I guess the 2^{nd} solution (and possibly 1^{st} solution) would compare every node in S to the root of T. I think there are more efficient solutions using subtree size and subtree height as secondary checks – more reliable than payload check.

My solution below uses BFT + pre/post/in-order walk !

— Preliminary step: post-order walk to get subtree-size, subtree-height at each S node + T root. (I will skip other T nodes.). Suppose T is size 22 height 4. We will look for any node Y of size 22 and height 4 and a matching payload. This would eliminate lots of S nodes:

If T height is more than 2, then lots of low-level S nodes are eliminated.

If T height is 2 or 1, then T size would be at most 3. Most high-level S nodes are eliminated.

— Solution 1: For both T and S, We take in-order walk to assign incremental IDs, then take pre-order walk to produce an array of IDs that represent the tree structure.

Can We run a level-aware BST. Only one level need to be examined … wrong!

I think the in-order walk itself is what I need. Find any node Y in S that matches size+height+payload of T root. Suppose ID(Y)=44 but ID(T root) = 4, then simply shift down by 40 and do a linear scan. Must check payload, but not height/size.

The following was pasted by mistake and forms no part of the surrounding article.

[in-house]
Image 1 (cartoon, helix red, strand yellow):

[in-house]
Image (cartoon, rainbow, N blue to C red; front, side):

# ## BST diagrams curated

Some useful BST diagrams up to 5 levels.

4-level complete tree | 5-level irregular |

5-level skewed | 4-level irregular |

4-level | 4-level |

5-level skewed | 5-level skewed |

4-level small | |

# flip binTree #ez

Q (google): given the root, invert a binary tree, possibly asymmetrical

====analysis:

It’s better to visualize north/south child pointers — everything would be turned upside-down.

— solution 1:

swap the two child pointers in each node

BFT to append each node. When popping a node, swap the 2 child pointers

DFT? post-order or pre-order.

# min int_range2include all clubs#presorted 60% careercup

Q (careercup): You have k uneven lists of pre-sorted integers, N ints in total. Find the smallest range that includes at least one number from each of the k lists. For example,

List 1: [4, 10, 15, 24, 26]

List 2: [0, 9, 12, 20]

List 3: [5, 18, 22, 30]